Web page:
Wednesday, May 1, 2013

Why China doesn't mint currency larger than 16 USD

Chinese authorities refuse to print any bill larger than the 100-renminbi note. That’s equivalent to $16. Since 1988, the 100-renminbi note, graced by Mao Zedong’s visage, has been the largest note in circulation, even though the economy has grown fiftyfold. ...

“I’m convinced the government doesn’t want a larger bill because of corruption,” said Nicholas R. Lardy, a leading authority on the Chinese economy at the Peterson Institute for International Economics in Washington, noting that it would help facilitate corrupt payments to officials. “Instead of trunks filled with cash bribes you’d have people using envelopes. And there’d be more cash leaving the country.”

All the buying, bribing and hoarding forces China to print a lot of paper money. China, which a millennium ago was the first government to print paper money, accounts for about 40 percent of all global paper currency output, according to a report published by the China Banknote Printing and Minting Corporation. Adjusting for the size of its economy, China has about five times as much cash in circulation as the United States. ...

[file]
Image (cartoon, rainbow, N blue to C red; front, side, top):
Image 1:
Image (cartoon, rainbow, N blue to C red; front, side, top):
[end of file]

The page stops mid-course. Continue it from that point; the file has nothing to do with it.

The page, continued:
Understandably, printing all that money is a major endeavor. The China Banknote Printing and Minting Corporation runs 80 production lines with 30,000 workers, six bank note companies, two paper mills, a printmaking company, a plate-making corporation and a firm that produces special anticounterfeiting security lines.
--David Barboza, NYT, on one way to battle corruption